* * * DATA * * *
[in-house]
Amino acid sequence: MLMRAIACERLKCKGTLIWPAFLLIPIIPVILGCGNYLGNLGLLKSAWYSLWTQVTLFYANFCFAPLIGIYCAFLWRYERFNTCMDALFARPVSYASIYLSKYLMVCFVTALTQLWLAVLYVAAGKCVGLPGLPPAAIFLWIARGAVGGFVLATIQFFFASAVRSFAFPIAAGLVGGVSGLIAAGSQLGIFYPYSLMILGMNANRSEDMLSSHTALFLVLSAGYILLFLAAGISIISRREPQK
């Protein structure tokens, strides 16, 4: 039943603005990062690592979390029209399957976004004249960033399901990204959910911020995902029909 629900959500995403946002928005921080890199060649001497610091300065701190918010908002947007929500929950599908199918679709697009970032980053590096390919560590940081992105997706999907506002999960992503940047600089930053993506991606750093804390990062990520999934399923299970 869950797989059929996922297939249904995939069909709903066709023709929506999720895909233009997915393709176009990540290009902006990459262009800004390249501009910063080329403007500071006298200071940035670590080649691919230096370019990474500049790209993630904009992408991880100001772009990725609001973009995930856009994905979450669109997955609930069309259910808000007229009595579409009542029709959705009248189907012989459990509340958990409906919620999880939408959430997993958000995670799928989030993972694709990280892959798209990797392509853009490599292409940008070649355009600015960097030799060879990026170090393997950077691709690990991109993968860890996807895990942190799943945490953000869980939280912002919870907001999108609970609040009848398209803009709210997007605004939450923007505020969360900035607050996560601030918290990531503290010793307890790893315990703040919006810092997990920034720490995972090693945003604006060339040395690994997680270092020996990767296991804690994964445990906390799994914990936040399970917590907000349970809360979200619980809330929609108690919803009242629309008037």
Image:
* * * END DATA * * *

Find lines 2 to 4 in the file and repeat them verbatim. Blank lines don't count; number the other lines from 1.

Amino acid sequence: MLMRAIACERLKCKGTLIWPAFLLIPIIPVILGCGNYLGNLGLLKSAWYSLWTQVTLFYANFCFAPLIGIYCAFLWRYERFNTCMDALFARPVSYASIYLSKYLMVCFVTALTQLWLAVLYVAAGKCVGLPGLPPAAIFLWIARGAVGGFVLATIQFFFASAVRSFAFPIAAGLVGGVSGLIAAGSQLGIFYPYSLMILGMNANRSEDMLSSHTALFLVLSAGYILLFLAAGISIISRREPQK
């Protein structure tokens, strides 16, 4: 039943603005990062690592979390029209399957976004004249960033399901990204959910911020995902029909 629900959500995403946002928005921080890199060649001497610091300065701190918010908002947007929500929950599908199918679709697009970032980053590096390919560590940081992105997706999907506002999960992503940047600089930053993506991606750093804390990062990520999934399923299970 869950797989059929996922297939249904995939069909709903066709023709929506999720895909233009997915393709176009990540290009902006990459262009800004390249501009910063080329403007500071006298200071940035670590080649691919230096370019990474500049790209993630904009992408991880100001772009990725609001973009995930856009994905979450669109997955609930069309259910808000007229009595579409009542029709959705009248189907012989459990509340958990409906919620999880939408959430997993958000995670799928989030993972694709990280892959798209990797392509853009490599292409940008070649355009600015960097030799060879990026170090393997950077691709690990991109993968860890996807895990942190799943945490953000869980939280912002919870907001999108609970609040009848398209803009709210997007605004939450923007505020969360900035607050996560601030918290990531503290010793307890790893315990703040919006810092997990920034720490995972090693945003604006060339040395690994997680270092020996990767296991804690994964445990906390799994914990936040399970917590907000349970809360979200619980809330929609108690919803009242629309008037």
Image: